One of the defining features of sumo is how quickly bouts end.
Most fights take less than 5-6 seconds from start to finish.
Japan’s national sport is one in which a rikishi notorious for long, slow battles earned the nickname “Mr. One Minute.”
A matchup in any other ring-based sport that finishes inside sixty seconds, never mind ten, would almost certainly make YouTube as part of a “fastest ever wins” montage. In sumo, that’s an eternity.
That lack of time in sumo for a fightback or a change of strategy means the initial charge takes on an overwhelming importance.
I regularly get asked about ring strategy, film study and what rikishi do to prepare for particular opponents.
The answer? Not as much as you might think.
Your chances of emerging victorious skyrocket if you can win that initial faceoff, so rather than concentrate on what might happen in certain situations, wrestlers put most of their focus on being able to do their “own brand of sumo.”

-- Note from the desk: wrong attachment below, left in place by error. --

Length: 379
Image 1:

In essence that means getting into the position or rhythm they favor immediately following the tachiai (initial clash), whether that means a right-hand inside grip or forcing the opponent backward with a series of thrusts to the neck and chest.
Watching film or looking for weaknesses in an opponent are far less important in sumo than in other sports. There really is no time to think during the vast majority of sumo bouts, so training your body to react automatically in each situation is key. It’s a major reason sumo eschews sparring in favor of full-speed bouts in training.
Try as they might, some rikishi do have “tells.” A subtle difference in how much weight they are putting on their hands or the placement of their feet can indicate the intention to sidestep or charge forward, allowing more observant opponents to take advantage of that information.